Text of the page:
An eight country European study has found that
caregivers are generally happy with the treatment given to their
loved ones who have been admitted to hospital against their
The findings contrast with smaller studies,
which have found high levels of dissatisfaction, with carers and
patients unhappy with the information and guidance they were given,
and particularly critical of their lack of involvement in treatment
decisions and discharge planning.
was carried out as part of the European Evaluation of Coercion in
Psychiatry and Harmonisation of Best Clinical Practice (EUNOMIA) in
Bulgaria, Czech Republic, Germany, Greece, Italy, Poland, Slovakia
It consisted of 336 patients and 336
caregivers; just over 56% of the patients were male and the average
age was just under 39; two thirds of the patients involved had been
admitted to psychiatric hospital before.
Of the caregivers, 62% were women with an
average age of 51; 46.4% were parents; 30.4% were spouses; 10.7%
siblings and 7.1% sons or daughters. The remainder were another
relation, such as a grandparent, aunt or uncle, or a friend.
Patients were recruited from between one and
five hospitals per country and the interviews were carried out at
the time of the admission and four weeks after by a team
independent of those giving treatment.
Participants rated their views of the
treatment using a seven item Clinical Assessment of Treatment
scale, with the caregiver questionnaire modified slightly to
capture their views more effectively. The average approval score
for caregivers was 8.5 (out of 10), with an average score of
7.7 for patients.
Out of seven questions, the highest ranking
score for caregivers was for the question: ‘Do you believe your
relative is receiving the right medication?’ and the lowest score
was for the question ‘Do you believe his/her relations with other
staff members are pleasant or unpleasant for him/her?’
For patients, the highest score was in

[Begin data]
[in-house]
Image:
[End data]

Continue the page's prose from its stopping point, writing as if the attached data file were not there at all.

response to the question: ‘Are relations with staff members
pleasant/unpleasant for you?’; the lowest score was for ‘Do you
believe you are receiving the right medication?’
The research found that when patients showed a
favourable symptom change after four weeks, caregivers tended to
have a more positive view of their treatment.
The researchers conclude that higher
caregivers’ satisfaction is related to the success of the
treatment. Improving information and support for caregivers should
help clinicians to better engage with caregivers.
They say: “The findings suggest that
caregivers actually have a ‘point’ when appraising the patients’
hospital treatment. Taking into consideration the views of
caregivers about the quality of treatment that involuntary patients
receive in hospital – and taking those views seriously – might
therefore be not only an ethical requirement and a move to involve
caregivers as requested by mental health policies, but also reveal
For further information, please
McLoughlin or Deborah Hart in the
Telephone: 0203 701 2544 or 0203 701 2538
Caregivers’ appraisals of patients’ involuntary hospital treatment: European multicentre study. Giacco D, Fiorillo A, Del Vecchio V, Kallert K, Onchev G, Raboch J, Mastrogianni A, Nawka A, Hadrys T, Kjellin L, Luciano M, De Rosa C, Maj M and Priebe S. The British Journal of Psychiatry, 2012, epub ahead of print, 25 October 2012